She continued to appear in films in the next few years. She started to receive major roles in the 1970s, and played a countess in 'Something for Everyone.' In 1971, she was cast as ‘Miss Eglantine Price’ in the partially animated ‘Disney’ movie 'Bedknobs and Broomsticks.' She then played ‘Salome Otterbourne’ in 'Death on the Nile' (1978), a British mystery film based on Agatha Christie's novel.
In 1984, she chose to appear in the detective television series 'Murder, She Wrote,' despite her agents advising otherwise. Her portrayal of protagonist ‘Jessica Fletcher’ became one of her most remembered roles, which she would play for the next 12 years.
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Even after the series ended in 1996, she continued to play ‘Jessica Fletcher’ in a number of telefilms based on the same storyline. She later appeared in another TV series titled 'Law & Order: Special Victims Unit' and then played an important role in the 2005 movie 'Nanny McPhee.'
In 2009, she returned to Broadway in a revival of the production ‘Blithe Spirit.’ For playing the role of ‘Madame Arcati,’ she earned her fifth ‘Tony Award’ and became one of the two artists with highest number of ‘Tony Awards’ after Julie Harris. She also earned her first ‘Olivier Award’ for her performance in the play.
She has since appeared in two other Broadway revival shows, such as ‘A Little Night Music’ and ‘The Best Man.’
In 2017, she was part of the BBC TV mini-series ‘Little Women.’ She also had a cameo role in ‘Mary Poppins Returns’ (2018), which is a sequel to the 1964 film of the same name.
Angela Lansbury's major films include 'Gaslight,' 'The Picture of Dorian Gray,' and 'The Manchurian Candidate.' Her portrayal of ‘Miss Eglantine Price’ in 'Bedknobs and Broomsticks' is one of her most popular roles.
She became a household name when she started appearing on the television series 'Murder, She Wrote.' The series became so popular that she eventually started to produce the show, which ran for 12 consecutive seasons.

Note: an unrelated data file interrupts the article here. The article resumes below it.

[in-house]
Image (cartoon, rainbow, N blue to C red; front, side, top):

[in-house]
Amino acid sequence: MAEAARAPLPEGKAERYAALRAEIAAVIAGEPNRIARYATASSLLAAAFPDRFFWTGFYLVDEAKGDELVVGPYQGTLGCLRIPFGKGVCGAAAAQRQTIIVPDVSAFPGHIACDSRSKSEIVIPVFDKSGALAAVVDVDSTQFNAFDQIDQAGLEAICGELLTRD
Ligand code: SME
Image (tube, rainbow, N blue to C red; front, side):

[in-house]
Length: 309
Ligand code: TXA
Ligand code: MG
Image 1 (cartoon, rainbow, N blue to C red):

Awards & Achievements
Angela Lansbury has received three 'Academy Award' nominations for 'Gaslight,' 'The Picture of Dorian Gray,' and 'The Manchurian Candidate.' She has also received 15 'Golden Globe' nominations throughout her career, winning six of them.
For her stage appearances, she has received five 'Tony Awards.' She was nominated for 'Emmy Award' for 12 successive years for her portrayal of ‘Jessica Fletcher’ in the television series 'Murder, She Wrote.' However, she failed to win the award.
In 2014, she received an ‘Honorary Award’ by the ‘Academy Awards’ for being “an entertainment icon who has created some of cinema's most memorable characters, inspiring generations of actors.”
Personal Life & Legacy
At the age of 19, Angela Lansbury eloped with actor Richard Cromwell and married soon after in 1945. However, the marriage ended in divorce within a year. It was reported that Cromwell was gay, which Lansbury was unaware of at the time of their marriage.
In 1949, she married actor Peter Shaw and lived together for over five decades till his death in 2003. They had two children, Anthony and Deirdre, both of whom later became part of the anti-establishment movement and started using recreational drugs. Anthony later became a television director, while Deirdre opened a restaurant.